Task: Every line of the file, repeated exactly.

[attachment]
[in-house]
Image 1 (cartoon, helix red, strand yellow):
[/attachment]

[in-house]
Image 1 (cartoon, helix red, strand yellow):